Ever been interested in joining the entertainment industry as a beauty professional? Well, you may need to wait a while longer as the WGA and SAG-AFTRA strikes continue to bring the industry to a halt until further notice.
However, when we hopefully get up and running (after the writers and actors get fair conditions of course), we want you to be prepared to get your first contract in the entertainment industry.
In order to help us, Camille Friend, Department Head of Hair for BLACK PANTHER: WAKANDA FOREVER and THE LITTLE MERMAID, joined Volume Up by The Tease to tell us how she started in the industry. Friend also discusses what she looks for in hairstylists when she is hiring a team, what skills are useful for the business and how her vision for some of the biggest movies has come to be.
Beyond her insights on how to enter the industry, Friend really dives into how beauty professionals are being affected by the strikes. While her union is not specifically striking, she mentioned the importance of not crossing any picket lines especially when the entertainment industry is only possible with the actors and writers. She worked through how she is handling her free time as well as how professionals can help themselves and others during these unprecedented times.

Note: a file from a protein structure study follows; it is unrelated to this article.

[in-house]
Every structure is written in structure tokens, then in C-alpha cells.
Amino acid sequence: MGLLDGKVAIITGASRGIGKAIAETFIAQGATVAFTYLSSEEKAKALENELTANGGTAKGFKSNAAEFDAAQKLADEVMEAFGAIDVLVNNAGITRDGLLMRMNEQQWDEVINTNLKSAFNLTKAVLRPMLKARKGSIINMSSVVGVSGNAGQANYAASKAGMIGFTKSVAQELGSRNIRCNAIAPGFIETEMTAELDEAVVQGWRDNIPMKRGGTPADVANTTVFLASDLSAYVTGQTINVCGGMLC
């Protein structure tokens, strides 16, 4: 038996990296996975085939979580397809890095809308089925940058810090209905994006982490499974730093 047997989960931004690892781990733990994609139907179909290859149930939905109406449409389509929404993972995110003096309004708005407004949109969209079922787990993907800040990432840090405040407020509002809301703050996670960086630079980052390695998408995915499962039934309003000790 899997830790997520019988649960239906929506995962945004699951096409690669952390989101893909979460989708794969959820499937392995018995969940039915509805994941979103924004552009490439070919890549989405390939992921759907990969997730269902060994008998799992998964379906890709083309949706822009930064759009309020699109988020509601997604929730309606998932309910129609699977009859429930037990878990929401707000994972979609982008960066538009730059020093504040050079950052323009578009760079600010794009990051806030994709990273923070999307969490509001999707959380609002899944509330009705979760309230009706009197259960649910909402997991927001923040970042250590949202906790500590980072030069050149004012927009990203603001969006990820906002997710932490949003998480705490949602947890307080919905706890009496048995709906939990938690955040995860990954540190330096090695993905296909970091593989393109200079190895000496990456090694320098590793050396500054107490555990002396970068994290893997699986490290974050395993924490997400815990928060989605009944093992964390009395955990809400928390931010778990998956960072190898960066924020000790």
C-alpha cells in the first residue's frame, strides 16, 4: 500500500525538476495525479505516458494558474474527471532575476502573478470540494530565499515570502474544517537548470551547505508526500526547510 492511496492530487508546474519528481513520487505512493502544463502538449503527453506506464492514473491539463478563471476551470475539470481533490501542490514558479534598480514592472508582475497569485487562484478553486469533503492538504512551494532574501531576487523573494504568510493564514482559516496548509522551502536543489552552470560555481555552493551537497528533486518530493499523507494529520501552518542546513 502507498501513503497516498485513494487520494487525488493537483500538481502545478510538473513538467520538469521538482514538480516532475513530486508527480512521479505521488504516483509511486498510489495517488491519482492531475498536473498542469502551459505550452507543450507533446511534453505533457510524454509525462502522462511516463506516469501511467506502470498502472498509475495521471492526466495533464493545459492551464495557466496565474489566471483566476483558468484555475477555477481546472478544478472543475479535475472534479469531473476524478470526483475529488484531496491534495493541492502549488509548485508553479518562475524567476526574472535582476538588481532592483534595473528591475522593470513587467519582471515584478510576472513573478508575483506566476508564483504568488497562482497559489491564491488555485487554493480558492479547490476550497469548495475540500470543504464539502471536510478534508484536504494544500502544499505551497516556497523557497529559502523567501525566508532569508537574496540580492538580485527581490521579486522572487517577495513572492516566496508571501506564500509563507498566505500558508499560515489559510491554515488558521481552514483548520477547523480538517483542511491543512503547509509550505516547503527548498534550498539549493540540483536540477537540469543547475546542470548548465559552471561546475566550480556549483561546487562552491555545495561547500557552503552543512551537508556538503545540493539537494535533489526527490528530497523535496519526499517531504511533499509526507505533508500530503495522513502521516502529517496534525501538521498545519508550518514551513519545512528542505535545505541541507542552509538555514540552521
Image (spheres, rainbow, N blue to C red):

Want to know what you can do to support the beauty professionals in the entertainment industry? Friend lays that out too. This episode is jam-packed with information and we want you to be the first to listen. Head to wherever you stream podcasts to pick it up!
“I love designing hair because it gives you the freedom. It just allows your mind to open and you can just do so many things.”
“What’s going to look good with the wardrobe? What’s the backstory of this tribe? Who are they as people? Where do they live? What is the climate like? All of those things have to go into the design of what it looks…Movies are not the hair show where we just do what we want. It all collectively has to work.”
“Actors are the reason why hair and makeup work in our business. If actors didn’t sit in our chair, we wouldn’t have jobs. So as far as that, I’m in 100% solidarity with the actors and the writers, but is this challenging? Absolutely.”